POLITICS

The Heartwarming Reason Kids All Over Will Be Interviewing Their Parents During Thanksgiving

One student is excited "to hear so many other people's voices."

This holiday weekend will be about more than Thanksgiving treats and extra days off from school for eighth-grader Shreya Nair. Shreya will also spent some of her time conducting an interview that will end up in the Library of Congress. 

Shreya, 13, is participating in a StoryCorps initiative called The Great Thanksgiving Listen. The project encourages students to interview family members and friends about their lives in an effort to preserve the stories and voices of an older generation. 

Shreya will be interviewing a family friend who grew up in Brazil. 

"It would be interesting to see her perspective on life and how it’s different from mine based on the circumstances she grew up in," Shreya said. 

StoryCorp's aim is to use audio to preserve the stories of people of all ages and backgrounds. Students will be able to record their interviews using a new app and upload them to the StoryCorps archive at the American Folklife Center at the Library of Congress.

StoryCorps decided to enlist the help of teachers in getting the word out about The Great Thanksgiving Listen through partnering with big districts like Chicago Public Schools and organizations like Teach for America. The hope is that teachers will find a way to incorporate The Great Thanksgiving Listen into their everyday curriculum.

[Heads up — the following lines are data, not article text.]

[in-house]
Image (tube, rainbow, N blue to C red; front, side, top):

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In this previous StoryCorps segment Jamie Showkier interviews his grandfather:

StoryCorps speaks to our mortality. When you're doing these interviews, there's always an awareness that 200 years from now somebody could listen to this," StoryCorps Founder and President Dave Isay said. "It's easy to put off StoryCorps for next year, next year, next year, but by making it an assignment -- although I think in some cases it's voluntary -- it could help nudge people over the hill." 

Shreya's English teacher decided to get involved in spreading the word about the project, by assigning the interview as homework. Alison Matthews teaches Shreya at McCall Middle School in Winchester, Massachusetts. She incorporated the StoryCorps interview assignment into a unit on the book, The Giver.

Matthews describes the dystopian novel as a "story about this community where there's one man -- the giver -- who holds all the memories of the community."

"The StoryCorps project fit in so perfectly. The Library of Congress is the keeper of our memories. So I asked kids to think about the importance of memory in our society," Matthews said.  

Shreya said that her classmates see the assignment as way better than "your standard, run of the mill English class essay."

"It's an interview that will help us not only understand the book we’re reading right now, but help us later in life," Shreya said. 

"One of the things I like about the project is you get to hear so many other people's voices," she added. "Sometimes in this world it feels like our opinion is the only one, but when you sit down and listen, it's amazing what it can bring." 

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